About a year ago I made some major changes in my child care environment to give it a Reggio-Inspired feel. Throughout the process I did a LOT of research online and made a HUGE list of ideas to revisit and incorporate as time and money allowed.
One of the things I fell in love with were Waldorf Hand Kites. aka Ribbon Rings, Hand Kites, Wind Wands, Hand Streamers, you get the idea.
Etsy has a ton of Waldorf Hand Kites for sale, but being a DIY (do it yourself) sort of girl I looked at them and thought “I can make that myself!”
So I did.
Obviously I needed to find ribbons and wood rings, both of which I wanted to find as cheaply as possible. Our local Dollar Tree LOVE that place! had rolls of ribbon for $1 each, so I bought 2 of each color. I found wood rings on Etsy – listed as “imperfect” and priced lower because they weren’t as smooth as “first quality.” I figured I could sand them in front of the TV at night.
At first I was going to leave the wood rings unfinished, but I remembered seeing a recipe for homemade beeswax and olive oil wood finish, and since I had both ingredients I decided to whip up a batch.
Through trial and error I discovered that the easiest way to apply the finish was to put the ring into the paste and turn it around so the entire outside was covered. Then I spread the paste with my fingers until the whole ring was coated. After all the rings were done I set them aside to dry for one to two hours.
The wood finish makes the wood glow, smells great, and left my hands super-smooth. I think I may use this to spruce up any and all wood toys in the playroom!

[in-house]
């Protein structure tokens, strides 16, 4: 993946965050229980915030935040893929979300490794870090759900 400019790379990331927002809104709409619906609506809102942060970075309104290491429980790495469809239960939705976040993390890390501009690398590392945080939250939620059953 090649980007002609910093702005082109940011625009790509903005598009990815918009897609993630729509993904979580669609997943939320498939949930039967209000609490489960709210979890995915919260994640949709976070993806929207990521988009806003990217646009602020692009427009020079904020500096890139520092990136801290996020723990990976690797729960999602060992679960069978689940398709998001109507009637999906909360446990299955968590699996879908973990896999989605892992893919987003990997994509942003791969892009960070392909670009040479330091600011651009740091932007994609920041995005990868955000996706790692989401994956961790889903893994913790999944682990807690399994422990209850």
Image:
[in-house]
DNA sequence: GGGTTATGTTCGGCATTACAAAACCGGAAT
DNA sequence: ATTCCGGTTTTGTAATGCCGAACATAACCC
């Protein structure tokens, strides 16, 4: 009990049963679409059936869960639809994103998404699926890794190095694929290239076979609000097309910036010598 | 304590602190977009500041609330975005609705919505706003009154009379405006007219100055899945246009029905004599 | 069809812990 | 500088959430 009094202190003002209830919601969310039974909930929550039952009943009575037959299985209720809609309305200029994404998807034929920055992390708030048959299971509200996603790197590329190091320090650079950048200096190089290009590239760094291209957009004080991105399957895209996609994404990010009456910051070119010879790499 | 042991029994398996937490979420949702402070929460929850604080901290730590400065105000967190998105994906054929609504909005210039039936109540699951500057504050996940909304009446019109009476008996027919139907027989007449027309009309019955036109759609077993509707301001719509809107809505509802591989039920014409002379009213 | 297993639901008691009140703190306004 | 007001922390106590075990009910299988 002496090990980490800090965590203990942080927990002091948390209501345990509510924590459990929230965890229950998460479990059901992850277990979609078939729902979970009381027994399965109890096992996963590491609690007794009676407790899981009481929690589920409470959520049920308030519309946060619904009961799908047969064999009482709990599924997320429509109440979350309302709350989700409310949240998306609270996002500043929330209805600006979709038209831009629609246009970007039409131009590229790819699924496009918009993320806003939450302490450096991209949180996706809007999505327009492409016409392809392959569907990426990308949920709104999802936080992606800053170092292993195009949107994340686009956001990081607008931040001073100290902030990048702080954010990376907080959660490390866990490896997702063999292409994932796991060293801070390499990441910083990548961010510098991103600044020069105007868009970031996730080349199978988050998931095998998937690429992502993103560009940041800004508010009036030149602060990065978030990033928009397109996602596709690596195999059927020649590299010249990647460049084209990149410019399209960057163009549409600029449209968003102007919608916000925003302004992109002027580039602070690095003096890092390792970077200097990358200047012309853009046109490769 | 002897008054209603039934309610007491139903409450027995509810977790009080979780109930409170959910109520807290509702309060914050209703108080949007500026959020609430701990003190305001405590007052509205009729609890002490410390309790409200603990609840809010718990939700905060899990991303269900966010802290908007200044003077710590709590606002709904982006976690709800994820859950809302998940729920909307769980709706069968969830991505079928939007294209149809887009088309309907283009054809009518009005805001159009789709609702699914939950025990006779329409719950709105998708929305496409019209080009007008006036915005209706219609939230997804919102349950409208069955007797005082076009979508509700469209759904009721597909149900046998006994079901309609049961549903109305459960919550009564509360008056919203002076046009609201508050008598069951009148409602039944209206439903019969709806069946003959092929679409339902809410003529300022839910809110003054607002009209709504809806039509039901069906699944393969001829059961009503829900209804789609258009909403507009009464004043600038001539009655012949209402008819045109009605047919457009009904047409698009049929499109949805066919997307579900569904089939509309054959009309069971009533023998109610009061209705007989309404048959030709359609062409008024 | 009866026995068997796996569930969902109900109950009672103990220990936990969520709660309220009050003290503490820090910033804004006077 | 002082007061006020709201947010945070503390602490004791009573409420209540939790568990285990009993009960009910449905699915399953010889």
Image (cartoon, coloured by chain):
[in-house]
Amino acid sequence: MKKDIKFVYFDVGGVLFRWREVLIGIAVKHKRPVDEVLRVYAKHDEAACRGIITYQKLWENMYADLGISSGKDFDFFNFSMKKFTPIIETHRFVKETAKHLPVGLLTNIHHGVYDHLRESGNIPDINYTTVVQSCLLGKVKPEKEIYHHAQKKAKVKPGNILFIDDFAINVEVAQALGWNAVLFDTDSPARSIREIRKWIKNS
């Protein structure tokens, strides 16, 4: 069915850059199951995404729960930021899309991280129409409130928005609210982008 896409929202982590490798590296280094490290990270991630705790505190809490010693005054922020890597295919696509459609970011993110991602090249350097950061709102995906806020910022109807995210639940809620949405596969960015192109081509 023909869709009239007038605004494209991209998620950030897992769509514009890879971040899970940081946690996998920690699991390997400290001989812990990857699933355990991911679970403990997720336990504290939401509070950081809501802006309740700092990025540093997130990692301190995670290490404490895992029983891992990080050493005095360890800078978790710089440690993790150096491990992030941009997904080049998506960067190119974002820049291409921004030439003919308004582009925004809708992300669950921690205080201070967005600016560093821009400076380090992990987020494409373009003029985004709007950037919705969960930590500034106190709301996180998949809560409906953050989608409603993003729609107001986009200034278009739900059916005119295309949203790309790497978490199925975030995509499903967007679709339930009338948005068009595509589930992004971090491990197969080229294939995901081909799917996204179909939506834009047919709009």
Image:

While the rings were drying I started on the ribbon. I wanted to make six rings so I had to do some math to figure out how long to cut each piece of ribbon. Once I had that set I started cutting!
My ribbons trail about 25″ from the ring, which I think is a great length – long enough to stream dramatically but not too long for my kiddos. When you measure your ribbon be sure to include extra length for the knot!
As soon as I started cutting I realized that I had a problem – grograin ribbon frays. To be honest, grograin ribbon wasn’t my first choice, but for $1 per spool I wasn’t going to complain!
I Googled “How to Keep Ribbon from Fraying” and found two suggestions: lay the end on a hot electric stove element, or melt the end with a match.
I tried the stove trick first but it didn’t work so I pulled out the matches. I quickly learned that the ribbon ends need to be close enough to melt, but not so close that it burns. I also learned that burned grograin ribbon STINKS!
When an hour was up no way did I have patience to wait two hours I rubbed the rings with an old washcloth to remove excess finish.
Aren’t they pretty?
I tied the ribbons on very tightly. I’d thought about sewing the ribbons close to the ring, but realized that tied ribbons would stream better and be easier to switch out if one got ruined or something.
Here are my six Waldorf Hand Kites. I love them!
Each Hand Kite cost me under $4.00; the rings were $1.55 each, and there’s about $2 worth of ribbon on each Hand Kite. Since I already had olive oil and beeswax I didn’t include them in the cost, but they’d only add pennies more.
Even at nine years old Z-Man thinks they’re pretty cool.
I can’t wait to see what the kiddos think of them tomorrow!